Héroes del Brillo takes that format and traces the fictional everyday lives of a group of shoeshiners with supernatural powers, dedicated to resolving society’s woes. The story evolved from the parallels between shoeshiners and superheroes, of which Estol discovered there are many. Most shoeshiners hide the profession from their friends and families
to avoid association with its negative connotations, leaving home to go to ‘work’ in the city centre, retrieving their clothing and tools from the shoeshiner’s associations, where they eat, and hiding them again before returning home in the evening. Balaclavas allow them to evade recognition while they work; a secret ritual analogous to the approach of many superheroes when concealing their double lives.
Workshops, of which Estol organised several, comprised a central part of the project and the whole process spanned three years; an extended period, asserts the photographer, was crucial to the work. “If you are in a rush then it is impossible to work collaboratively,” he says. “People who work fast are only showing their own perspective.” Estol travelled from his home in Montevideo to Bolivia for one month each year, and during the shooting of the project spent every day driving through El Alto and La Paz in a minibus alongside members of Hormigón Armado to create the images that comprise the final book. He encouraged the shoeshiners to direct the scenes and attempted to facilitate their ideas. “When you work with people outside of the photography world, the ideas can be more fresh and inventive,” he says.
The group’s makeshift inventions fill the pages of Héroes del Brillo, which also includes illustration and collage. To negate the stereotype of shoeshiners having perpetually dirty hands, orbs of light often illuminate their palms, which Estol created by placing a camera flash in the inside sleeves of their jackets. The bursts of light allude to the shoeshiners’ supernatural powers while in other photographs, clouds of colour, created by smoke sparklers, envelop the protagonists. The exuberant Neo-Andean architecture of Bolivian architect Freddy Mamani provides a backdrop to the series, which the group co-opted to create a fictional city, ‘Brillolandia’, or ‘Shine Land’.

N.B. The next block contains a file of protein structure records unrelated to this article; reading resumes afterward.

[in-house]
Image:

In Héroes del Brillo, shoeshiners’ faces are disguised by balaclavas throughout, and this initially posed a problem. The project aims to present the shoeshiners in a positive light, but the garment has myriad negative connotations. The superhero story offered a solution. “This was the only way to represent the mask in a positive light,” explains Estol, who made sure to remove anything associated with discrimination. “I never depict them polishing shoes because it involves being on your knees, which is a submissive position,” he continues. Instead, he alludes to the real-life significance of the business. In Bolivia, having clean shoes is crucial in a professional capacity and, in one image, the people of La Paz recognise the shoeshiners as heroes; an acknowledgement that replaces suspicion.
Héroes del Brillo functions on two levels: selling the magazine on the streets of La Paz – for the equivalent price of five shoeshines – works to fight discrimination, and provides an additional source of income to the shoeshiners alongside their other work; but more than that, the creative process empowered all those involved. Estol shares any profits from sales of the work, or awards, with Hormigón Armado. Last year, for instance, he won €5000 at Encontros da Imagem, the photofestival in Braga, Portugal, of which he gave the organisation half.
Social photography can often be straightforward but Héroes del Brillo is not. The publication’s fictional narrative liberates those involved, absolving the subjects from negative stereotypes. Estol collaborates with the shoeshiners to create a representation of their experience: the empowerment they derive from what they do. The graphic-novel format provides room for experimentation, allowing for a new narrative divorced from preconceptions. As Estol observes: “Perhaps fiction can do more than a documentary approach.”
Héroes del Brillo by Federico Estol is available to purchase through the photographer’s website.